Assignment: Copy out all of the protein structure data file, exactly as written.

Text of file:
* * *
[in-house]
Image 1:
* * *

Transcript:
[in-house]
Image 1: